My previous article talked about the idea of using anecdotes and real-life examples to liven up a class and to create an emotional link between teacher and student. I argued that it was a great way for teachers to show their value in the classroom. A good teacher will use examples that not only make the target language clear to the students but will also increase the level of engagement in the class. A less good teacher will be limited to passing information to the students with the level of engagement far lower. At the end of the last article, I acknowledged that the ideas involved were not rocket-science or brain surgery, but even though they were relatively simple concepts they were key to creating classes that go further and do more. The same is true of the idea that I wish to discuss in this article. It us really simple, but really does go a long way.
For this piece, we are going to deal with an idea that I believe can be considered a methodology in itself. I call it 'Educate Me'. To give you as full a background as possible into the way it came to pass, I shall talk you through some of the classes that acted as its catalyst. The first of these was a one-on-one conversation class with a student who wanted to improve his English in order to take a job in the oil industry. The guy was the closest thing to a bona fide genius I have ever met. He could talk lucidly and with great authority on scores of subjects. His explanations of renewable energy and economics were genuinely outstanding. After each class I would walk out of the room and say to myself, "Wow, I feel like I am the one who has been educated".
Thanks to Julian - the young oil trader- I began to look at the dynamics of an English class and began to think about whether or not I could change them. I began to ask myself whether I should be looking at the balance of education in the classroom. Could I be shifting it from teacher to student? After all, the classes we had done had been flush with STT and the student had expressed himself clearly and openly - he was also very happy with the classes. I was not specifically thinking about changing anything about the classes with Julian because they had been very successful. Rather, I was wondering if I could recreate the context that had worked so well with him with other students. This was when I decided to work in what I called the "Educate Me Framework'. Basically, I wanted to create a context in class where the students were happy sharing and explaining. I wanted to give them the opportunity to speak in great detail about a subject that interested them.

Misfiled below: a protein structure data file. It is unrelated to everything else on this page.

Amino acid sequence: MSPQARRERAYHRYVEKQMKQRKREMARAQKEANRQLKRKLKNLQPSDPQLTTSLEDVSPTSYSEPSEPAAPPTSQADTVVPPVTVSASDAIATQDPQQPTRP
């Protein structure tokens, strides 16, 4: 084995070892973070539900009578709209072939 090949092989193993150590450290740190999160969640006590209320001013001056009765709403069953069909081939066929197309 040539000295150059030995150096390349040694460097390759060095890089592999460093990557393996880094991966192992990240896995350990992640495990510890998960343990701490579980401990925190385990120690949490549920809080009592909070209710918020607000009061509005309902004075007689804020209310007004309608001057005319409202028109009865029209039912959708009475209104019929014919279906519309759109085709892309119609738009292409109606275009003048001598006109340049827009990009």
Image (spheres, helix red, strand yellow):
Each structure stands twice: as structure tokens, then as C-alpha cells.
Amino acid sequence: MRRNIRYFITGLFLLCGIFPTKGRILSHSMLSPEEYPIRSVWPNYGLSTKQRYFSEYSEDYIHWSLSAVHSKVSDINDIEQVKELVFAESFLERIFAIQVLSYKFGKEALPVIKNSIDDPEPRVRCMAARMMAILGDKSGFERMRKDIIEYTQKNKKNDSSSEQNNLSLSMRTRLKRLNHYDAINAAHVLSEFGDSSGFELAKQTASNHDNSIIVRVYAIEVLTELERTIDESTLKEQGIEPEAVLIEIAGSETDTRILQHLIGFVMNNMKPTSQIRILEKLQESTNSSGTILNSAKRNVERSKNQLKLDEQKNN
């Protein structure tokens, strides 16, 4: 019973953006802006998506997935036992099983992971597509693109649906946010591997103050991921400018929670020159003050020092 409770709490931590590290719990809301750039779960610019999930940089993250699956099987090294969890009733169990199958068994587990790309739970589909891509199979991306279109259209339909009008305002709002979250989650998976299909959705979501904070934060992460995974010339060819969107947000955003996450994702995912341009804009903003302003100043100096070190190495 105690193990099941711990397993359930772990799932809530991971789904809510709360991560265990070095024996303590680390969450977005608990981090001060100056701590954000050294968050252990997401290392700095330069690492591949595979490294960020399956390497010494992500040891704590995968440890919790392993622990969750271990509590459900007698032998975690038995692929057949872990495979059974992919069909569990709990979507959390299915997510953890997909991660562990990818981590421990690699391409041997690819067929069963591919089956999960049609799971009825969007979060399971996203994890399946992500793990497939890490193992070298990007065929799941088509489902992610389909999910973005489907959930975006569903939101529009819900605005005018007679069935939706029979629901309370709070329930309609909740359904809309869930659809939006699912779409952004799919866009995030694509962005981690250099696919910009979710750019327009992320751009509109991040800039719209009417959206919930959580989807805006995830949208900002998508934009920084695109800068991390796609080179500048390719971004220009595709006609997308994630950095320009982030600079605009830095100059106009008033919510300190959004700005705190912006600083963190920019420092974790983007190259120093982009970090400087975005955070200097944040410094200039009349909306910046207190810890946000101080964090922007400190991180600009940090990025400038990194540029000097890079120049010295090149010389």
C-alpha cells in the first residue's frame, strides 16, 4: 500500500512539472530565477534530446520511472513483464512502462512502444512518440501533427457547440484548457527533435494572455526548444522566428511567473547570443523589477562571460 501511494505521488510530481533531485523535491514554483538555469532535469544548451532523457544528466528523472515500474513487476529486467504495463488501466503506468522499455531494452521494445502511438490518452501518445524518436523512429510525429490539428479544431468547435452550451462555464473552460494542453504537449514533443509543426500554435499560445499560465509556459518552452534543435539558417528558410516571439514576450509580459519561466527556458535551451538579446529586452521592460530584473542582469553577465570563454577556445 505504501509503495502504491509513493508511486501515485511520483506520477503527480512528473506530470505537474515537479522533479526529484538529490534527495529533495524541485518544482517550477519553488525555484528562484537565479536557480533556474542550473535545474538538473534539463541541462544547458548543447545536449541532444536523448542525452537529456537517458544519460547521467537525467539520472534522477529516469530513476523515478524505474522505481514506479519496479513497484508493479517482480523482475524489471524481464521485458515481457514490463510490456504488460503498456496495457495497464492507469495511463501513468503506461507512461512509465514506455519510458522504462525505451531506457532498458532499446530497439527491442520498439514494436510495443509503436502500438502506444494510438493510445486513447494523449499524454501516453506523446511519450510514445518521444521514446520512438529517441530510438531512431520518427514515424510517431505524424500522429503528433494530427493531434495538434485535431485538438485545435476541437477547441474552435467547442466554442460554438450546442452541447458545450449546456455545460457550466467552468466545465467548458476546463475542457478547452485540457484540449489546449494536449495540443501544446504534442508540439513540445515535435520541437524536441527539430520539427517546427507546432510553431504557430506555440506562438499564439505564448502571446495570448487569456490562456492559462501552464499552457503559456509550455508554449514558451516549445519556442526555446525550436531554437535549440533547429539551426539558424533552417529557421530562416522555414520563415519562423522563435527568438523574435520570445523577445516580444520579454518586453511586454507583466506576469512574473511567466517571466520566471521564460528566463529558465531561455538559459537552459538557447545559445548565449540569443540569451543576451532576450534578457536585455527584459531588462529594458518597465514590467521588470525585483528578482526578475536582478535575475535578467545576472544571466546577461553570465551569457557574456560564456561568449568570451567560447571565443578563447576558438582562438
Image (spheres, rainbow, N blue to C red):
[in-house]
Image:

At no point am I going to claim that the words above are in any way revolutionary. They do not shatter the earth or break any ground whatsoever. Any teacher who has done a TEFL certificate or a CELTA knows the importance of creating an environment in which the students are happy to speak. However, I do believe that in certain situations, 'Educate Me' can give a little something extra. To give an example of this, I want turn use another student with whom I did face-to-face conversation classes, let's call him Michel. Unlike Julian, Michel was not talkative or outgoing and our first few classes felt like pulling teeth. Michel was a high-level manager who considered himself extremely important and just a little bit above the classes he was having. He saw himself as a VIP and wanted to set himself apart from other students that came to my school - such as Julian. Each week I would head to class with prepared materials that Michel would scoff at before moving onto subjects he considered more apt and more befitting of his status.